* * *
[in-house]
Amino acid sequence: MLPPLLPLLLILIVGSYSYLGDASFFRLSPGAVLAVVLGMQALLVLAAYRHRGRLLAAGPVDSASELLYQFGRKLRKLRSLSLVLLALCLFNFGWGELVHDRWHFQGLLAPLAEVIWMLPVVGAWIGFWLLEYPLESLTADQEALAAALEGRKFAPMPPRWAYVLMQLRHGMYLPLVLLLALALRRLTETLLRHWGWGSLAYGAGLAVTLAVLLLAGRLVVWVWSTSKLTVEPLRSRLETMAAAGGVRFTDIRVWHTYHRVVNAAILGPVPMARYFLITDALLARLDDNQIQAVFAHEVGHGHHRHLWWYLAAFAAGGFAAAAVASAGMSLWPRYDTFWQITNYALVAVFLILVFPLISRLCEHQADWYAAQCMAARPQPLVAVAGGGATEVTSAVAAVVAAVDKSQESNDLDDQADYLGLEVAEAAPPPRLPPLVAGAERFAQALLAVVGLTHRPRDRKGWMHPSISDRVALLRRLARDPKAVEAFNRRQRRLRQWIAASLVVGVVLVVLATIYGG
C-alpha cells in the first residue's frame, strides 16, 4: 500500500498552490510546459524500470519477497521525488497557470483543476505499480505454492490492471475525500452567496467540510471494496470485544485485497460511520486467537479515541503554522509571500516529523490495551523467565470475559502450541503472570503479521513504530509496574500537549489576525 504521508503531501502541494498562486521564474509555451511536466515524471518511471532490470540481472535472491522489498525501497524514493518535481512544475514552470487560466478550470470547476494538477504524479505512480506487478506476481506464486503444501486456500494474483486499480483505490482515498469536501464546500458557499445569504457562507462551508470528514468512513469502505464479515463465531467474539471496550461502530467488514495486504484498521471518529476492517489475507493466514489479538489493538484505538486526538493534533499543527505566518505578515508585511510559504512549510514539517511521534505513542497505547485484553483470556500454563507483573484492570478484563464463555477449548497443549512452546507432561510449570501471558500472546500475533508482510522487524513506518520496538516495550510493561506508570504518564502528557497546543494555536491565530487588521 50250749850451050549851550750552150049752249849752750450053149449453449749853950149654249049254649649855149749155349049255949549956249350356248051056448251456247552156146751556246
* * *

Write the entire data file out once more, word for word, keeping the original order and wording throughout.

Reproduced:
[in-house]
Amino acid sequence: MLPPLLPLLLILIVGSYSYLGDASFFRLSPGAVLAVVLGMQALLVLAAYRHRGRLLAAGPVDSASELLYQFGRKLRKLRSLSLVLLALCLFNFGWGELVHDRWHFQGLLAPLAEVIWMLPVVGAWIGFWLLEYPLESLTADQEALAAALEGRKFAPMPPRWAYVLMQLRHGMYLPLVLLLALALRRLTETLLRHWGWGSLAYGAGLAVTLAVLLLAGRLVVWVWSTSKLTVEPLRSRLETMAAAGGVRFTDIRVWHTYHRVVNAAILGPVPMARYFLITDALLARLDDNQIQAVFAHEVGHGHHRHLWWYLAAFAAGGFAAAAVASAGMSLWPRYDTFWQITNYALVAVFLILVFPLISRLCEHQADWYAAQCMAARPQPLVAVAGGGATEVTSAVAAVVAAVDKSQESNDLDDQADYLGLEVAEAAPPPRLPPLVAGAERFAQALLAVVGLTHRPRDRKGWMHPSISDRVALLRRLARDPKAVEAFNRRQRRLRQWIAASLVVGVVLVVLATIYGG
C-alpha cells in the first residue's frame, strides 16, 4: 500500500498552490510546459524500470519477497521525488497557470483543476505499480505454492490492471475525500452567496467540510471494496470485544485485497460511520486467537479515541503554522509571500516529523490495551523467565470475559502450541503472570503479521513504530509496574500537549489576525 504521508503531501502541494498562486521564474509555451511536466515524471518511471532490470540481472535472491522489498525501497524514493518535481512544475514552470487560466478550470470547476494538477504524479505512480506487478506476481506464486503444501486456500494474483486499480483505490482515498469536501464546500458557499445569504457562507462551508470528514468512513469502505464479515463465531467474539471496550461502530467488514495486504484498521471518529476492517489475507493466514489479538489493538484505538486526538493534533499543527505566518505578515508585511510559504512549510514539517511521534505513542497505547485484553483470556500454563507483573484492570478484563464463555477449548497443549512452546507432561510449570501471558500472546500475533508482510522487524513506518520496538516495550510493561506508570504518564502528557497546543494555536491565530487588521 50250749850451050549851550750552150049752249849752750450053149449453449749853950149654249049254649649855149749155349049255949549956249350356248051056448251456247552156146751556246